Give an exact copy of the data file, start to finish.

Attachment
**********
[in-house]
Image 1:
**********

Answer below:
[in-house]
Image 1: